‘Something I can remember forever’
Central Missouri's Charles Hammork's long road to champion
EVANSVILLE, Ind. -- This is why Central Missouri's Chuck Hammork had skipped the fall and waited for one final eligible semester of college basketball.
With less than four minutes remaining in the NCAA Division II Men's Basketball Championship game Saturday, Hammork hit a 3-point shot that gave the Mules a five-point advantage against West Liberty. With less than a minute left, he ripped down one of his 12 rebounds.
Seconds after Hammork's final rebound of the game, confetti blasted into the air and Hammork and his teammates jumped into a celebratory pile at mid-court at the Ford Center.
The Mules had finished off an 84-77 victory. Champions, at last.
"It means a whole lot to me. I know this is something I can remember forever," Hammork said. "No one can take it away from me no matter what. I'm just so happy. I never won a championship. This is my first time ever playing in a championship game. It's just really wonderful."
The Mules had plenty of other heroes. Senior guard Daylen Robinson, who was named the tournament's most valuable player, scored 21 points on 8-of-15 shooting. Junior forward Dillon Deck had a double-double with 16 points and 10 rebounds.
The game had attracted so much interest among Central Missouri students and fans that four buses packed with students headed from Warrensburg to Evansville. Of the 4,742 at the Ford Center, more than half were Mules fans.
"I'm proud of these guys," said Central coach Kim Anderson, who won his first national title. "You saw that crowd. I'm proud to be part of this institution."
When it came time to discuss Hammork, Anderson turned emotional in the postgame press conference nearly an hour after all the nets were cut down and the last team photo had been taken. He brought his hands to his face. He looked down, attempting to hide his wetting eyes.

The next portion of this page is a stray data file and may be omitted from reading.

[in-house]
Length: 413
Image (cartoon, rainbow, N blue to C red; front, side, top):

Hammork had not only missed the fall semester because he had only one basketball-eligible semester left, but Anderson nearly kicked him off the team at a mid-season tournament in Las Vegas last year. Here's a player who lived through Hurricane Katrina in the inner city of New Orleans with his mom and his younger sister, a guy whose family watched Saturday's game on TV.
"Here's the thing about ol' Chuck," Anderson said. "Chuck and I have been through a lot."
And that only made their relationship stronger, especially for Saturday's game when the Mules had to answer a nine-point deficit to the nation's highest-scoring team during the regular season.
"If I was going down, I was going down with Chuck," Anderson said.
Hammork wound up having one of the games of his life. His 12 rebounds were two more than anybody else. He had a team-high six assists. After missing four-of-five shots in the first half, he had to turn to other parts of his game.
"I told myself I wasn't shooting any more," Hammork said.
Assistant coach Nate Johnson had a different message.
"He told me, 'Chuck, you've worked so hard for this. Your shots are going to fall. Keep doing what you've been doing and keep grabbing rebounds,' " Hammork said. "With the team and the coaches giving me that much confidence, my confidence goes sky high."
It wasn't always that way.
Anderson was so upset with Hammork at a tournament in Las Vegas last year, Hammork's first season with the team as a junior, that Anderson sent him back to campus.
"I didn't think his attitude was very good toward me and toward our team," Anderson said. "I put him on the plane and sent him back home."
Hammork called Anderson while he was still in Vegas and apologized.
Anderson didn't dismiss him from the team, but he didn't allow Hammork to remain with the team in Las Vegas.
"I think that was the defining moment for him," Anderson said. "I was going to take the ball away from him. He asked me to give him another chance. And I did."
Hammork turned around so quickly that he only missed three games. Then came the decision for 2013-14. He had only one eligible semester remaining. He chose the second semester, meaning that during the fall he stayed in New Orleans to work out. He was not allowed, per NCAA rules, to practice or even do individual workouts at Central Missouri.
One morning at precisely 2:14 a.m., Anderson was woken up at home by a text message on his cell phone. It was Hammork. The message was to inform Anderson that he was running. At two in the morning.
"I give a lot of credit to my friends back at home," Hammork said. "A lot of them helped me. They gave me confidence and worked out with me.
They made sure I was running every morning, going to the gym even when I didn't want to."
So when Hammork played such a key role in leading Central Missouri to its second basketball national title Saturday, Anderson was among the most happy. The dark days of Vegas were a distant memory now.
"He's been unbelievable since he came back," Anderson said. "He's grown up. He's matured. As a player, but more so as a person and a leader."